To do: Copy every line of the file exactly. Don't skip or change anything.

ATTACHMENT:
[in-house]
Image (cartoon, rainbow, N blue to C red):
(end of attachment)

[in-house]
Image (cartoon, rainbow, N blue to C red):